How can we open source our training and still make money working in education?


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It’s a good question… and one that is constantly in my mind as the owner of a small niche education business in a very small country.

I’m not sure I’ve got the answer, but this is how I see the way forward at the moment. What I’m describing below is a process that for us is well underway. It represents a big investment of time and money, especially in terms of time not spent doing other things. And money spent stopping doing things that we no longer wanted to do.

Here’s the answer in one word:

  • Unbundling

This is similar to what the telecoms have done, but we’re applying it to education. Here’s the longer answer below. I’ve framed what we’ve done (and are doing right now) in terms of steps if you want to head down this path yourself:

  1. Build relationships that can become strategic partnerships that allow you to collaborate effectively. This takes a long time. And it has to be genuine. Our key strategic partnerships have been in place for several years now. Our relationship with our funding organisation and several key organisations – some large and some much smaller – allow us to leverage our core skills and try to create win-win situations for the people we work with.
  2. Hack the traditional education business model. This is the unbundling. New technology means new business models, particularly online. Our future as an education business is going to be mostly online (but not completely). We’re trying to pull apart traditional delivery, assessment, and credentialing. Thinking in terms of unbundling allows us to full apart a 20th century model and reconstitute it for 21st century application in education.
  3. And then hack it some more: You can even pull apart delivery and assessment. Delivery breaks down into the deliverers (e.g. face-to-face facilitation and delivery by humans, online delivery by humans, online computer mediated delivery). Assessment is similar – assessment by humans, automated assessment by software.
  4. Focus on scalability: This is going to be a big deal. Dollar for dollar investment in educational projects and programmes that are scalable are a better investment for education spend at government level. But we have to get this right… or our learners will suffer.
  5. Learn about MOOCs: There’s that four letter word again. A MOOC is a massive open online course. They’re not the solution to all our education problems and challenges. However, the idea behind a MOOC is a good one. Think of open source software as a kind of metaphor. Ours is a mostly open online course. It’s not just a sandwich of youtube clips, and there’s no social sharing at the moment. Think what you like, that’s what we want.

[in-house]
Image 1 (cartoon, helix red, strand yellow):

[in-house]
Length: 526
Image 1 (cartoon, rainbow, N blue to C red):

6. Deal with the challenges of MOOCs: We’ve been thinking for a long time about some of the challenges of working in this way. One challenge relates to our most “hands on” learners, e.g. the ones who don’t or won’t like working online. The solution here is simple: we need to keep doing our face-to-face training and retain or reinvent this business model to work in with the online and blended components. Other challenges of MOOCs relate to student completion. Or mainly the lack of it. That’s why ours is not completely open. Candidates need to unlock the higher stages of the assessment process by enrolling with us in an official capacity.
  7. Have a business model: Learners’ organisations will pay a fee to have their staff assessed and credentialed in this process. We also have access to limited government funding to subsidise this. So the content is fully open and online, but we’ve unbundled the assessing and credentialing process which will become our new lean business model.
  8. Think about the options moving forward: This all gives us options. We can still deliver our face-to-face training. This will still need to be led by demand and remain financially viable (so no changes there), but we’ll have other options for people and organisations including a fully online and distance model, other blended models, and the possibility of increasing how we and organisations customise the training for their own purposes. And these options could be priced differently as well.

And all of this gives us a great model to implement next year with the new New Zealand Diploma in Adult Literacy & Numeracy Education (NZDALNE) that we want to develop next.

What do you think? Any suggestions on how we can continue to tweak this…? Let me know in the comments.

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